AN INTRODUCTION TO JAPANESE CANADIANS IN NIAGARA
The following is an edited version of the Introduction to Niagara by Tom Matsushita, Exiles in Our Own Country: Japanese Canadians in Niagara, Addie Kobayashi, Richmond Hill, Ontario, Nikkei Network of Niagara, 1998
Along the Toronto to Niagara Falls corridor are names like Beamsville, Grimsby, Vineland and St. Catharines, names unfamiliar to tourists and even to many Ontarians. For decades the experiences and fortunes of Japanese Canadians who settled there remained untold. In 1998, their stories were captured on tape and in a book: Exiles in Our Own Country: Japanese Canadians in Niagara, a poignant reminder that the newcomers arrived not by choice or by immigration but were exiles from their home province of British Columbia. Although the history of Japanese Canadians in Niagara is only seventy years old, it is a significant chapter of their contributions to the rich and varied history of the Niagara Region. The history began with a gross injustice against Japanese Canadians, but as it unfolded it became a story of success and acceptance and is worth knowing and preserving – a record for future generations.
My husband Bill and I moved to St. Catharines in 1989 and lived there for nine years. Shortly after our arrival came a knock at our door and standing there was Jack Kobayashi with our mail in his hand and a warm welcome. We soon learned Jack was a respected and popular local pharmacist, and thus we were introduced to the Japanese Canadian community. My interest in their histories led us to form The Nikkei Network of Niagara and with funding from the NAJC we produced the first Niagara Region telephone directory in 1996. With a limited budget and the generosity of the NAJC and friends we then undertook interviews with local residents and eventually produced the book.
Among the first known arrivals in 1942 were Mr. and Mrs. Masao Nishikawara and their three sons who were employed at C. H. Prudhomme and Sons, owners of a large nursery, fruit orchard and basket factory in Beamsville. The Nishikawaras were permitted to leave a government detention camp in the British Columbia interior in exchange for agreeing to move to Ontario. From 1942 to 1945, a significant number of Nisei arrived in Niagara but few remained for long. Ko Teshima settled in Beamsville and the Kuraharas in Grimsby where Harry worked for forty-six years in a basket factory. They were the exception. Most people moved to urban centres such as Hamilton and Toronto as soon as permission was granted.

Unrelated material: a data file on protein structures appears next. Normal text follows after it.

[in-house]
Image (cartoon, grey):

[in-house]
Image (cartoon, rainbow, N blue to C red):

Consequently, the majority of Japanese Canadians who became permanent settlers in the peninsula arrived during and after the second half of 1945 as the war in the Pacific was coming to an end. Local farmers continued to suffer from a severe shortage of workers and were only too happy to hire Japanese Canadians with large families recently expelled from their home province and had few choices open to them. Among the farms hiring them were C. H. Prudhomme of Beamsville, Ted Tregunno of St. Catharines, Martin Boese Sr. of Port Dalhousie, In some cases the families have kept in touch with their former employers throughout the years.
Toshio Uyede had been sent to Schreiber and Glencoe, Ontario, and then made his way to Niagara with his wife Fumiko and the Uyede family to the Tregunno Farm in 1945, the first Japanese Canadians to settle permanently in St. Catharines. Lois, their daughter, was the first sansei (third-generation) born and raised in Niagara. They were soon joined by the Kawabe, Toyota, Kinoshita, Sano, Kajiura, Adachi, Murata and Morimoto families, all of whom were employed by Tregunno Farm. The Kobayashi, Nishimura, Miyagawa and Nagami families went to farms in neighbouring areas.
The newcomers had been living on the west coast of British Columbia or on Vancouver Island when Japan attacked Pearl Harbor in December 1941. Among them were farmers, loggers, gardeners and sawmill workers. Some were landowners, shopkeepers, bank employees, salesmen, or fishermen, many owned their own boats. They were generally successful people. But the federal government’s policy of expelling Japanese Canadians from the Pacific coast followed by the confiscation and sale of their homes, businesses and possessions – sold at auction for ridiculously low prices – meant that when they arrived in Eastern Canada they were often penniless.
The coming of Japanese Canadians to Niagara during the height of the war aroused a variety of reactions among the local population. Along with an initial curiosity, there was a good deal of anxiety and hostility. Some politicians did their best to stir up a fear of foreigners, but in the case of Japanese Canadians, 75 percent of whom were Canadian born or naturalized citizens – not exactly foreigners – this fear often came in the form of a mixed message. For example, in a front-page story headlined “Japes arrive in Beamsville,” The Beamsville Express of 23 September 1942 reported that “all these Japs were born in Canada and are very highly educated and were members of the United Church of Canada.” However, on page eight of the same issue, in a column devoted to a meeting of the Beamsville Council, one reads that “the Council of the Village of Beamsville do vigorously protest the transfer of Japanese people to this district and that the proper authorities be petitioned to remove those who are already here.”